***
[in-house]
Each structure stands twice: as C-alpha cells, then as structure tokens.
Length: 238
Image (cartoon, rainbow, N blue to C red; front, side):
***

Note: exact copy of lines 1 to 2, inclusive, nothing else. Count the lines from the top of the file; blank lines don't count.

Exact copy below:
[in-house]
Each structure stands twice: as C-alpha cells, then as structure tokens.